We set our goal.
Our genes said, “Go slow.”
We thought we’d strive.
Our blood said, “I’ll drive.”
So we set our goal,
heeding our genes’ no.
Through arteries and veins
the blood will drive
while we’re along for the ride.
If we don’t compromise,
a crash lies ahead.
If we aren’t wise,
“You’ll be dead,”
the blood said.
It’s time to change course.
It’s time to enjoy the ride.
Living with one’s genes —
a goal for which to strive
in pursuit of staying alive.

Youth and Death’s Greedy Hands — A Lament

The poet wrote, “Death’s greedy hands,”
and for the reader it struck a note.
He thought about all human plans
and how for the young death rests remote.

It seems adolescents are never fraught
thinking death they can just ignore.
Didn’t they rise after being shot
in childhood games of war?

And so, with bravado and bluster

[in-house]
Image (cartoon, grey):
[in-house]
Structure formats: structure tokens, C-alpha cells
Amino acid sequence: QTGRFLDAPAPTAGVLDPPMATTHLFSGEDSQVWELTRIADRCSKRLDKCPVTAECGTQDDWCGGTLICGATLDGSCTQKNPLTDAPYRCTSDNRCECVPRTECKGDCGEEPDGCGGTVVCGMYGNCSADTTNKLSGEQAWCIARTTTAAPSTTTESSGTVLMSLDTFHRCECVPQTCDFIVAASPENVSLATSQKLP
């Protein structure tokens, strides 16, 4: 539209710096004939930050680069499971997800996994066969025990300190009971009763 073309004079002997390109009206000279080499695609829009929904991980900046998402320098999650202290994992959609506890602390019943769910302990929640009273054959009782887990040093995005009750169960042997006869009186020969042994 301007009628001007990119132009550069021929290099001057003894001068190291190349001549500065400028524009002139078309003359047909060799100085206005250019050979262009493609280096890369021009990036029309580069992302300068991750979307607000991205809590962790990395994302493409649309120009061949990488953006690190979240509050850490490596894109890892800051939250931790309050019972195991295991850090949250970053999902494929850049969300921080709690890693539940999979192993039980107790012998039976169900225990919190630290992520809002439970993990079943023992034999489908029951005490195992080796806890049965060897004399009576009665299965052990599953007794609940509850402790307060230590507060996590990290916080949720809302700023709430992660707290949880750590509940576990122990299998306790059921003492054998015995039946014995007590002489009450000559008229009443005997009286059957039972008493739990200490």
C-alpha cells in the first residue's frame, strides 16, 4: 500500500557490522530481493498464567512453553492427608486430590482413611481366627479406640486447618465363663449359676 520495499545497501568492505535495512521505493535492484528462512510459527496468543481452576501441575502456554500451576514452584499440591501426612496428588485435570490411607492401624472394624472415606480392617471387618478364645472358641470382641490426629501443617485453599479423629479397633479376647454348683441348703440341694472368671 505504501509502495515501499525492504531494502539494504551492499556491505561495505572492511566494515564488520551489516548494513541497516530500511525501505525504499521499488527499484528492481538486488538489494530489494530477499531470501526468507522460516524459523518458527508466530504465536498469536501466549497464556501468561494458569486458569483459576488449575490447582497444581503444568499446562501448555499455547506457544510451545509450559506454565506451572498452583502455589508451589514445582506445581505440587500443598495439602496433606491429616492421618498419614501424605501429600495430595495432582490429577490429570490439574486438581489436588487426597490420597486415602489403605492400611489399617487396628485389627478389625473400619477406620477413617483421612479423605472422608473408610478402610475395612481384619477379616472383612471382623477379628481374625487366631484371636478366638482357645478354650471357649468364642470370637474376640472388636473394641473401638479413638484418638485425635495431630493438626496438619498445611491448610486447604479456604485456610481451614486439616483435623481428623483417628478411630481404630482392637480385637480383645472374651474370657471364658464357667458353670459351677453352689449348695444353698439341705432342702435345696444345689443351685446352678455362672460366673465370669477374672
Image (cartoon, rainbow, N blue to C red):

they move through life oblivious
to the dangers life can muster —
concerns of safety considered frivolous.

Until, as an older person laments,
Death’s greedy hands reach out
in youths’ careless moments.
Then they know and protest with shouts —

crying that life is unfair and unjust.
Sadly, coming to such a conclusion they must,

for importunely,  Death’s greedy hands are thrust.


Sunny is a single mom who works two jobs.
She loves the written word and writes poetry
and short stories. She reads her poetry at
poetry slams. Below are three of her poems
which she has kindly agreed to let me post.

The Girl in the Yellow Dress

The girl in the yellow dress
Stands and smokes her cigarettes
And she regrets
Not saying the things she feels

It is a perfect day and the way
The sun hits your face makes her want to